Simon Boccanegra has not traditionally been seen as Verdi’s greatest creation. With, however, Plácido Domingo taking on the title role at the Royal Opera House in 2010, and a new ‘film noir’ production from English National Opera in 2011, it has enjoyed a high profile in London over recent years.
The production that Domingo starred in was Elijah Moshinsky’s of 1991, and twenty-two years on it feels rather uninspiring. The set consists of two rows of colonnades, one open and one closed. For the various scenes a back wall is inserted at differing distances from the front of the stage to create a piazza, a garden or the interior of the Doge’s palace.
There are pleasing touches such as the walls bearing either graffiti or more formal proclamations concerning Boccanegra, which ties in with Fiesco’s assertion that the writing is on the wall for the pirate. Overall, however, the rows of Doric columns feel sterile and frame a vast area that very little of the action proves capable of filling.
Fortunately, if the staging does not contribute a great deal, it is not the type that diverts attention away from what is important. Its tendency to attract a ‘park and bark’ approach occasionally feels as if it sucks some of the energy out of the proceedings, but when a cast bark (and act) as well as this present one, it remains a minor problem.
Thomas Hampson, making his Covent Garden role debut as Boccanegra, has a smooth, rounded yet powerful sound while Ferruccio Furlanetto as Fiesco reveals every facet of his outstanding bass instrument with its broad, dark grains. Act III’s penultimate scene in which the pair huddle together in a moment of heartfelt, yet sorrowful, reconciliation is particularly moving, and both performers make us feel for their respective characters. It is ultimately Boccanegra’s past that generates his current difficulties, and the way in which Hampson makes the character seem likeable and fair-minded helps us to appreciate that in office itself he hardly puts a foot wrong.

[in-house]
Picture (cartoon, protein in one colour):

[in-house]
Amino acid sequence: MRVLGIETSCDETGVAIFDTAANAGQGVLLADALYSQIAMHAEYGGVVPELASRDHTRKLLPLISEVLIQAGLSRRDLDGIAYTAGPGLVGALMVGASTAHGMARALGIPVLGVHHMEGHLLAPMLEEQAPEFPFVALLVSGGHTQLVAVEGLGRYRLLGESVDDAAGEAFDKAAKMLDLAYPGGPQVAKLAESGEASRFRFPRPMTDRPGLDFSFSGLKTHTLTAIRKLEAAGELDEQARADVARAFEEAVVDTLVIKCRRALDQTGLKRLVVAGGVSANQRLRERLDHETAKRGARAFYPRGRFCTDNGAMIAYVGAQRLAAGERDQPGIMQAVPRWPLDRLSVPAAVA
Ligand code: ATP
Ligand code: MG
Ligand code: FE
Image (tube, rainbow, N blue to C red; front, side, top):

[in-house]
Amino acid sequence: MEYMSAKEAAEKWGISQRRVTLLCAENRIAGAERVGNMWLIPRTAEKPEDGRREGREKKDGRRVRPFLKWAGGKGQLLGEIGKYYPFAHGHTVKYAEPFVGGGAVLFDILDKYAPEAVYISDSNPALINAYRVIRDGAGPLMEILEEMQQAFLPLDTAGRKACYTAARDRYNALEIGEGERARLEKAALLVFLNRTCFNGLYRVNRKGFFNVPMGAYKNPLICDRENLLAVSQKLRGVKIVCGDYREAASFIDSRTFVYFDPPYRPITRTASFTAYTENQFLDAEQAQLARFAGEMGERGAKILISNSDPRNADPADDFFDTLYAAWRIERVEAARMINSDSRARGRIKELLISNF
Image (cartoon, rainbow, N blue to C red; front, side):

The gravitas that Furlanetto brings to the role of Fiesco also helps us to enter into the mind of this character who, on his own terms at least, is a long way from being evil. His flaw is his failure to embrace a changing world, which prevents him from accepting a pirate either as a member of his elevated family or as a ruler. He does, however, reject the invitation to murder Boccanegra, even when doing so would secure his release from prison, and maintains that the Doge does not deserve his ultimate fate.
Hibla Gerzmava is brilliant as Amelia and in ‘Come in quest’ora bruna’ succeeds in combining a sweet, pure tone with a rich, sumptuous sound by virtue of the control that she exerts. Making his Covent Garden debut as Adorno, Russell Thomas’ voice is similarly expansive, powerful and impassioned, while as Paolo and Pietro respectively Dimitri Platanias and Jihoon Kim deliver impeccable performances. Antonio Pappano conducts with his trademark combination of passion, sensitivity and attention to detail, and in key arias he demonstrates his particular affinity with the singers by playing to their key strengths in the sound that he demands from the orchestra.